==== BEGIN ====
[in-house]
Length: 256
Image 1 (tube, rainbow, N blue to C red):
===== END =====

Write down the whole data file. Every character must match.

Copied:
[in-house]
Length: 256
Image 1 (tube, rainbow, N blue to C red):